Zambia: biodiversity and livelihoods go hand in hand
The North-Western province of Zambia is often referred to as an awakening giant in the Zambian economy because of its natural resource base.
The discovery of huge copper deposits in the area and subsequent opening of copper mines at Lumwana, next to the capital of the province, Solwezi, have attracted a considerable amount of investment. In fact, Lumwana is now considered to have become the largest copper mine in Africa.
Today, the region’s ecosystem is under threat, as exemplified by the dwindling biodiversity of the West Lunga National Park. The park is home to a profusion of rivers, large tracts of fertile land and dense forests as well as wildlife, including fish.
Over the years, not only have poaching and logging depleted the natural resource base of the park, but they are threatening livelihoods, not least because tourism represents a major source of revenue for local residents.
Chopping down trees for household uses has also contributed to an increase in carbon emissions.
In 2006, thanks to Zambia’s Ministry of Tourism Environment and Natural Resources, the West Lunga National Park was classified as a protected area.
Since the re-classification took place, UNDP has been able to lay the foundations of sound environmental management in the park, focusing on biodiversity and livelihoods as two sides of the same coin. Funding for this effort has been provided by the German International Climate Initiative and the Global Environment Facility.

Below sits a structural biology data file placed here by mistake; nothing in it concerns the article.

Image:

Through the project, local villagers are encouraged to work with the government to improve their environment and maximize their sources of revenue.
The project has worked with local communities to establish policies on managing biodiversity areas.
It has overseen the construction of fifteen houses that accommodate wildlife scouts. The scouts are drawn from the local community, trained in law enforcement, and go out to ensure that laws on poaching, illegal fishing and logging are not violated.
It has also promoted the activities of tour guides who can organize bird watching and fishing tours, local handicrafts such as basket-weaving, production of reed mats and cane chairs woven from indigenous materials.
These activities have created employment and income for impoverished communities.
In addition, communities are now aware of the risks associated with chopping down trees for firewood and have been taught alternative methods to generate energy in order to avoid forest depletion.
An information and awareness campaign surrounding these risks has brought about a 20% reduction in emissions reductions that arise from logging.
2010 has been termed as the International Year of Biodiversity. Poverty and biodiversity are intimately linked. The poor, especially in rural areas, depend on biodiversity for food, fuel, shelter, medicines and livelihoods.
Biodiversity also provides the critical 'ecosystem services' on which development depends, including air and water purification, soil conservation, disease control, and reduced vulnerability to natural disasters such as floods, droughts and landslides. Biodiversity loss exacerbates poverty, and likewise, poverty is a major threat to biodiversity.